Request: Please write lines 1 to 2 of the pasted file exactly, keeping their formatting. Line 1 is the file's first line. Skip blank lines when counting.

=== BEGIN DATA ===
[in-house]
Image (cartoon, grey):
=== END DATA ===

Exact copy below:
[in-house]
Image (cartoon, grey):